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Monday, 01 March 2010


So, what is the difference between the two versions of William Egglestons' Guide on Amazon? One is referred to as a facsimile, the other not, and published separately by two different houses about a month apart. Or is there not actually any difference?

So far as I know there are only two, both published by the Museum of Modern Art, the first edition from 1976 and the second edition from 2002, for which new separations were made. I've never directly compared the repro in the two editions, but both looked fine to me when seen separately.


It was a marvelous show and the signing was a thrill. For another capture of Eggleston, visit:

Why would some people hate this book?

Hmm... well, Mike, that begs the question -- what _are_ the "two or three dozen most important and influential photography books of the past sixty years"? :) Some (many?) of us would love a post on the subject (with color-only as a derived sub-category).


I took a shot of that ridiculous photo frame last year:


like I comment there, I'm not shocked that the male model got it wrong, but what about the friggin' PHOTOGRAPHER that shot that image??? Didn't s/he see immediately that there was something clearly wrong with that picture??? :lol:

One of the things that struck me about your definition of "art" a few weeks ago was the concept of depth. Going back and looking at favorite photographs, in many of them I could not identify "a deeper meaning". I began to think that what I was thinking of as art was really craft, and I can appreciate that just as much. However, you also describe Egglestons' work as "art", and once again in most of it I cannot see "depth", just great photographs. Now I feel like a luddite who may just never "get it". Is there something obvious that I am missing, or is it something that if it needs to be explained, then I just don't have it?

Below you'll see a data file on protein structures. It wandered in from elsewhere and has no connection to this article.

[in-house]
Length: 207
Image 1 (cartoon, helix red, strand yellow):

Thanks for the post of the image - quite a pleasant surprise. I also have several other images of William and the surround exterior of the exhibit, including a few of him actually signing my copy of the Guide. This one was an opportunity I could not pass up.
Love him or hate him, it is a show worth seeing at least once. They also have a very nice exhibit book - although a bit pricey at $70.00 for non-members. It is an oversized coffee-table book, which, I believe, contains all the images in the show. The show takes up the entire first floor of the Modern Wing.
Best regards,
P.S. I will be posting a few more images on the Flickr pages as soon as I get a round tuit.